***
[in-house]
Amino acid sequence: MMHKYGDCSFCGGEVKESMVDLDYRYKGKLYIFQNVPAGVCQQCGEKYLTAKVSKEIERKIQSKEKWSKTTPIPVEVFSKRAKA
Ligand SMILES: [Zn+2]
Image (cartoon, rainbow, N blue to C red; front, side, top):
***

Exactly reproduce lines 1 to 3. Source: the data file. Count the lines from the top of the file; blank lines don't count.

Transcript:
[in-house]
Amino acid sequence: MMHKYGDCSFCGGEVKESMVDLDYRYKGKLYIFQNVPAGVCQQCGEKYLTAKVSKEIERKIQSKEKWSKTTPIPVEVFSKRAKA
Ligand SMILES: [Zn+2]